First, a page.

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Senin, 09 Februari 2009
Working on an Anti-Smoking Campaign?
I'm looking at a bunch of anti-smoking creative -- from cutting-edgiest to decades-old -- and am wondering why just about all of the ads use fear to get people to quit (if that was the actual goal, that is).
Is it because fear ads are high on recall? But how many of those who remember that smoking kills (probably just about every smoker) actually take the step?
People subjected to fear ads may show higher intent to quit -- and that's how this creative is probably focus-grouped -- but do they manage to stay away?
Buyology's author Martin Lindstrom writes about fMRI scans of smokers' brains: "The warning labels backfired: they stimulated the nucleus accumbens, sometimes called the “craving spot,” which lights up on f.M.R.I. whenever a person craves something, whether it’s alcohol, drugs, tobacco or gambling."
[A piece of history trivia: ads sponsored by Big Tobacco that were designed to prevent teen smoking achieved the opposite effect (here's why).]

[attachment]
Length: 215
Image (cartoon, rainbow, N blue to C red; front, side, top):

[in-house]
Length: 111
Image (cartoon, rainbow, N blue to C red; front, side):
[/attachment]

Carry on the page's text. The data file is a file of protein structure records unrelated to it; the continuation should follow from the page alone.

If you are working on an anti-smoking assignment, take a look at Allen Carr's The Easy Way to Stop Smoking, a self-help book that has been more successful in getting people to quit than many other methods. Instead of nagging the smokers or scaring the bejesus out of them, he calmly -- and at times cheesily -- explains how smoking doesn't have any of the positive effects that smokers count on, such as controlling anxieties or relieving stress. It also explains how quitting doesn't bring about the withdrawal pangs smokers dread.
A campaign based on this platform would be a breath of fresh air.
On a related note, this Halo-themed anti-smoking machinima spot is lovely: